When the ABC is timid the national culture is diminished. Increased funding of the ABC to fulfil its charter is essential, but this should go hand in hand with reform that loosens the managerial grip on program makers. I have no doubt that a centralised top-down control structure and elevation of the bean-counters has stymied the ABC’s creativity. With Sandra Levy moving to the sinking ship at Channel 9, there’s an opportunity for the ABC to return to a devolved model where department heads and executive producers commission for dedicated timeslots. The ABC should be a hub for creative networks in the wider arts community. It’s well placed to go beyond capital A artists, and tap the emerging aesthetics of suburban youth.

Finally, I am critical of the persistent, romantic idea of the ‘artist hero’ in Australian arts discourse and of the disconnection of Australian arts from contemporary suburban life. We need to counter the dichotomy of ‘artist versus the masses’ with an appreciation of the creativity of popular cultural forms, craft skills and the role of audiences in creating value for art. For me the new edgy art is to be found in the polyglot ethnic subcultures of the suburbs that cause such anxiety to self-appointed moral guardians and populist politicians alike.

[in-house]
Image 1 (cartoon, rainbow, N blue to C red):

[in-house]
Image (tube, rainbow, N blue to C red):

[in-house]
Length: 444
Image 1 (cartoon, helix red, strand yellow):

Out in the ‘burbs young people are assembling multi-identities from the material surrounding them as they grow up – the immigration experience, family, religion and politics, sexual options, global TV, the internet, blogs, music culture, and neighbourhood.

Cultural diversity – ethnic, lifestyle, regional, religious – is the great narrative of contemporary Australian life, but apart from Pizza‘s swaggering ethno-larrikin comedy and We Can Be Heroes timely satire of triumphalist Aussie values, it makes barely a ripple in our media or art. The clash and fusion of cultures in the suburbs is a new wellspring of hybrid art, just as cubism, jazz and rock rolled out of the cities in the last century. The time has come when our cultural gatekeepers need to stop looking at each other, get out a bit, or get out of the way.

A version of this article was delivered to the Australian Institute of Arts Management at the Melbourne International Arts Festival in October 2004.

Tony Moore will be chair of the next NSW Fabian Society Forum:

A More Diverse Media: Can the Club be Busted?

Speakers include:

Mark Scott – Editor, Sydney Morning Herald

Julianne Schultz – Editor Griffith Review and ex-ABC digital strategy

Andy Nehl – TV Producer (Chaser Decides & CNNNN) and Head of TV, AFTRS

When: Wednesday 21 September from 6.00pm – 7.30pm
Where: Theatrette NSW Parliament House
Cost: Free

For more details visit the Fabian website

Launched in 2004, New Matilda is one of Australia's oldest online independent publications. It's focus is on investigative journalism and analysis, with occasional smart arsery thrown in for reasons of sanity. New Matilda is owned and edited by Walkley Award and Human Rights Award winning journalist Chris Graham.